This identifies the direct benefit of trade as the ability to go beyond the country’s original PPF, as now Country A can have approximately 150 more figs than before, and Country B can have approximately 20 more peaches. Even though Country A has an absolute advantage in the production of both peaches and figs, the differing comparative advantage means there is still a benefit to trade.

Is this the best model?

Well, not really. It is clear there are some major flaws in this ultimately very simply model of how trade occurs. Firstly, it can be noticed that once a third country is involved a different formulation is necessary, and the existence of a large range of goods makes it difficult to have a clear trade-off. Secondly, the model is based on the immobility of capital, of which we are living in a world where capital is increasingly mobile. Finally, the model would suggest that agrarian nations would remain agrarian thereby not developing but specialising in natural resource production, this would create a larger technological gap and also led to an increasing inequality gap between nations. One alternative is the competitive advantage model, but it fails to provide an outlook on the trade-off and opportunity cost, and has a greater dependence upon the assumption that labour and natural resources are abundant and don’t necessarily effect the economy.

Poverty & Equity

Absolute Poverty:

“A condition characterized by severe deprivation of basic human needs, including food, safe drinking water, sanitation facilities, health, shelter, education and information. It depends not only on income but also on access to services”

For the consideration of poverty many countries adopt a national poverty line which considers the income needed to satisfy minimum needs. The World Bank consider extreme poverty to be living on less than $1.25 a day and moderate poverty as living on less than $2 a day.

Relative Poverty:

Relative poverty takes into consideration the income of an individual or household and compares it to the median income of that economy. In relation to the Lorenz curve if there was perfect income equality there would be no relative poverty. In this case they still have enough money to survive, and it is more based around the cultural environment.

Causes of Poverty

There are many causes of poverty; some apply more to certain countries than others

  • Low Wages/Income
  • Unemployment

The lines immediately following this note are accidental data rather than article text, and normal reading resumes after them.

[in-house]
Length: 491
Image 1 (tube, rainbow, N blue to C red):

The individual will have no income, and in countries where there is no welfare system they will struggle to survive.

  • Lack of Human Capital

This is where the individual lacks training or education to get a job, or if their health is at a state where they cannot be productive. This is the case in my countries in Africa as there is shortage of education and health.

  • Geography

Certain areas have less job opportunities, but the people cannot afford to move. There may only be low paying jobs which have adverse effects on health in the given area.

  • Age

In a country with no benefits and no welfare system anyone of old age will struggle to survive unless they have children supporting them

  • Shortage of Merit & Public Goods

This is a lack of education, no housing available, no healthcare, bad living conditions. Etc.

  • War

Has adverse effects on human capital, government, job opportunity, and geography

This can lead into a poverty cycle; it is extremely difficult to break out off. In most places where there is extreme poverty and absolute poverty it is a combination of causes which means that the entire system needs to be rebooted.

Consequences of Poverty

There are many consequences of poverty, as it affects many aspects of life.

  • Low living standards

This may mean that those suffering from poverty may not have access to suitable housing, clean water, or basic food items. This usually results in increased disease and infection

  • Lack of Access to Healthcare (high rates of preventable diseases)

Many people suffer as a result of low living standards and there may not be a healthcare system available. Any healthcare that is offered may come at a considerable expense which they cannot afford.

  • Lack of Access to Education

There are no available institutions for education, making it difficult to break out off the poverty cycle

  • Social Problems

Crime, Violence, Family Breakdown, etc.

  • High rates of infant mortality

The Role of Taxation in Promoting Equity